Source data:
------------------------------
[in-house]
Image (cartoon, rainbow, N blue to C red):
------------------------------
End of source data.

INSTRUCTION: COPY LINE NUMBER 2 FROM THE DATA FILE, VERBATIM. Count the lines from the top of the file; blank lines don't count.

Image (cartoon, rainbow, N blue to C red):